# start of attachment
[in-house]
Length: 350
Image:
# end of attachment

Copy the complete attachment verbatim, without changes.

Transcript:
[in-house]
Length: 350
Image: